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AARP HomeFit: Lights On, Lights Off

Learn some new tricks for making lights more convenient and safer

Light Bulbs

Light bulbs come in a range of shapes, sizes and brightness levels. Choosing the right bulbs can make a home safer and a space more useful and enjoyable.

These are the most common types for homes:

Lights On Smaller

Illustration by Colin Hayes



Compact fluorescent lamps (CFL)


Light-emitting diode (LED)

  • CFL and LED bulbs are energy efficient and super long-lasting — up to 20 years. Using them reduces the need to climb a ladder to replace burned-out, hard-to-reach bulbs. Fluorescent, halogen and traditional incandescent light bulbs range in energy efficiency from highest to lowest in that order.

  • Viewing a light bulb demonstration display at a hardware or home improvement store is a good way to choose what “color” bulb to use. For instance, warm white or soft white light bulbs provide a less harsh light than cool white or daylight white bulbs, which emit a brighter, bluer tone.

A few more things to keep in mind:

  • Frosted bulbs result in less glare than clear bulbs.

  • Using a bulb wattage higher than the rating indicated on the light fixture is a safety hazard.

  • While dimmer switches and timers will work for any properly rated halogen or incandescent bulb, the same isn’t true for all fluorescent, CFL or LED bulbs. Read the light bulb packaging to ensure compatibility.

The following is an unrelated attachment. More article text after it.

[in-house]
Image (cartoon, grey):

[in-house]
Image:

Lamps and Lighting

  • The ideal height for light switches is 36 to 44 inches from the floor.

  • Since it’s tough to turn lights on and off when one’s hands are full, or impaired by arthritis or an injury, a rocker-style “push” switch (shown) is a more practical option than the small toggle on a traditional up-and-down flip switch. A rocker switch can be turned on or off by leaning against it, nudging it with an elbow or pressing it with whatever is being carried.

  • Electrical outlets are best placed 18 to 24 inches above the floor unless needed at another height for a specific reason, such as to power kitchen appliances or electronics in a home office, or to better serve a mobility or accessibility need.

  • Connecting table lamps or other plug-in lighting fixtures to an automatic timer (pictured) will ensure that lights are turned on and off at set times so no one has to walk into a dark room — and the home won’t look unoccupied even if it is.

  • Touch control or pull-chain lamps and on-off “clapper” devices are helpful for people who have trouble turning small knobs.

  • Dimmer switches allow a user to adjust a fixture’s lighting level as needed. They’re sold as hardwired wall switches as well as corded options that work with lamps and other plug-in lights.

Adapted from the Living Room section of the AARP HomeFit Guide

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